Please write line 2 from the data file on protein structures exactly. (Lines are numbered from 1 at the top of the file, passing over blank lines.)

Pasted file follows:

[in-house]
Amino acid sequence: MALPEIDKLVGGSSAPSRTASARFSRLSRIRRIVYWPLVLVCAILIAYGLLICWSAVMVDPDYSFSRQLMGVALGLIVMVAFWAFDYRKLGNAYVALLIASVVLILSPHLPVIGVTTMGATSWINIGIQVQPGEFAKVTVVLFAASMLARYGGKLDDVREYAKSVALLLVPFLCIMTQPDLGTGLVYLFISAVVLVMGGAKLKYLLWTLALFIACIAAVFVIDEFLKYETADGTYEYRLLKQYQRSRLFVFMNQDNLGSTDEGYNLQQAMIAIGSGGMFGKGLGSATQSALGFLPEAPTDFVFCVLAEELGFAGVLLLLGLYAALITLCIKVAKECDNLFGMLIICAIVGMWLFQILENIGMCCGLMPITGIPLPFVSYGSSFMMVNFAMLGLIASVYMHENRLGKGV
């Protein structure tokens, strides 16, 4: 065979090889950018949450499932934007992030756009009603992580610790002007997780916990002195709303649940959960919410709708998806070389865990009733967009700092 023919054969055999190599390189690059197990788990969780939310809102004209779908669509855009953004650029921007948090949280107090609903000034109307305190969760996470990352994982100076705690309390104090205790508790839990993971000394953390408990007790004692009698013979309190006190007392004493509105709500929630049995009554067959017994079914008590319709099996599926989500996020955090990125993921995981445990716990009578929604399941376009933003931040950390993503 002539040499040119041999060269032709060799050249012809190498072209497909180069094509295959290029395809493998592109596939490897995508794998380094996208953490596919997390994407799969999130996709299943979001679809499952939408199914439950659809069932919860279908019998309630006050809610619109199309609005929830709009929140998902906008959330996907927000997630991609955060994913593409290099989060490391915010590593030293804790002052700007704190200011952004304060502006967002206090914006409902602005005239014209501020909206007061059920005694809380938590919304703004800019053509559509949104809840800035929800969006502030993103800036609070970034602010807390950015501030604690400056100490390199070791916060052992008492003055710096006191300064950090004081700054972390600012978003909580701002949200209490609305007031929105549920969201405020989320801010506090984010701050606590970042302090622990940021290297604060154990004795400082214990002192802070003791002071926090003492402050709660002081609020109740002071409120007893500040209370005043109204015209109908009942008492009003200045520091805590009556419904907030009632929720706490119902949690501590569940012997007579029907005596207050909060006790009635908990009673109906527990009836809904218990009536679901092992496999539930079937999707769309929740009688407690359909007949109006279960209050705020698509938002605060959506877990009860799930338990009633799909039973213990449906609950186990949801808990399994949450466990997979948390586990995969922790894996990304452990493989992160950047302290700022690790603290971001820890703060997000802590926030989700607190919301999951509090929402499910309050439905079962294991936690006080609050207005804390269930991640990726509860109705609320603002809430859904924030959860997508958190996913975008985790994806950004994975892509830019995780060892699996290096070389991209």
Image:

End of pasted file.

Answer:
Amino acid sequence: MALPEIDKLVGGSSAPSRTASARFSRLSRIRRIVYWPLVLVCAILIAYGLLICWSAVMVDPDYSFSRQLMGVALGLIVMVAFWAFDYRKLGNAYVALLIASVVLILSPHLPVIGVTTMGATSWINIGIQVQPGEFAKVTVVLFAASMLARYGGKLDDVREYAKSVALLLVPFLCIMTQPDLGTGLVYLFISAVVLVMGGAKLKYLLWTLALFIACIAAVFVIDEFLKYETADGTYEYRLLKQYQRSRLFVFMNQDNLGSTDEGYNLQQAMIAIGSGGMFGKGLGSATQSALGFLPEAPTDFVFCVLAEELGFAGVLLLLGLYAALITLCIKVAKECDNLFGMLIICAIVGMWLFQILENIGMCCGLMPITGIPLPFVSYGSSFMMVNFAMLGLIASVYMHENRLGKGV